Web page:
Shrek burns a star (He takes a flamethrower to the sky, lights a star on fire, it burns away into nothing) = star is feminine, plural form #1

    Albert Einstein burns a book (easy to visualize)= book is feminine, plural form #2

    Barack Obama melts a dog (Takes a dog, puts it in a pot on his stove, turns it up until the dog melts into a puddle) = Dog is masculine, plural form #3
    .


    You have some adjectives in that list (young, short, etc). Those I'd treat differently, with an object, because objects fit better with adjectives.

    Plural adjective form #1: A donkey
    Plural djective form #2: Chalk from a chalkboard
    Plural adjective form #3: A fancy pen

    new: You have a new box of chalk on your chalkboard. You break the seal and open it up to reveal the newest damn chalk you've ever seen (plural form 2)

    young: You give a fancy pen to a young child. He throws it on the floor and breaks it. You're furious with yourself and him, because it was such a fancy pen. (plural form 3)

    etc.


    I'm not sure what you mean by 'some of these words have more than one broken plural'. Let me know if that clears things up some!






    * Originally posted by Gabriel Wyner.
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  • thank you very much, really great answer. so let get this straight you are advising that i attached mnemonics for both nouns and adjective plural forms.

    and for your question "I’m not sure what you mean by ‘some of these words have more than one broken plural’. Let me know if that clears things up some!"

    actually if you look at the word "poor" it appears both in form 6 and 9.

    * Originally posted by esudil.
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  • Maybe one is better off just learning the broken plurals along with the singular. So, for example, when learning طفل for baby, learn also أطفال for babies, rather than trying to recall just which one of the numerous plural categories it belongs to; كتاب / كتب ; صديق / أصدقاء ; and so on, ad infinitum. This seems to be the most common advice that I've seen.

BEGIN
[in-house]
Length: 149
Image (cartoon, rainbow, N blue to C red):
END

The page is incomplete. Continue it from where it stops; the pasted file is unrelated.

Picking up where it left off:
As for pronunciation, there's a reasonable amount of free stuff on the internet, YouTube clips and the like, although not nearly so much for Arabic as for lots of other languages. Even Google Translate doesn't sound too hopeless, although it includes all the MSA endings, so it won't really sound like spoken Arabic. A good place for general links is: http://arabic.desert-sky.net/links.html

    * Originally posted by Lance.
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  • @esudil: Ah..if poor has two things, then just add another character or object. Arnold Schwarzenegger AND Albert Einstein are begging on the street, etc.

    * Originally posted by Gabriel Wyner.
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  • A note on PAO for verbs:

    Usually verbs will fall into a few groups, and you have to simply memorize which verbs are which. From a quick reading of this:
    http://arabic.desert-sky.net/g_conj.html

    It seems like arabic is pretty *regular*, and doesn't require you to memorize all that much. The verb stem seems to tell you all you need, so you don't need mnemonics for that. You can experiment with using mnemonics to help you sort a new verb into the right category (it may be more memorable to lump the assimilated weak verbs together under one character - if Arnold Schwarzenegger is somehow involved in all assimilated weak verbs, for instance, that may help you remember that they're all conjugated in the same way, rather than trying to separately remember that verbs starting in و AND verbs starting in ي are conjugated in the same way). But since Arabic seems like it's so regular and predictable based upon the stems, you may find that adding mnemonics for verbs is unnecessary.

    * Originally posted by Gabriel Wyner.
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  • i think you need to read this http://www.cjk.org/cjk/arabic/cave/cavehelp.htm arabic verbs are filled with irregularities

    * Originally posted by esudil.